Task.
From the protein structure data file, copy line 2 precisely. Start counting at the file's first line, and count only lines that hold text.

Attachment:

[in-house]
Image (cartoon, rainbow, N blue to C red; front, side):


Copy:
Image (cartoon, rainbow, N blue to C red; front, side):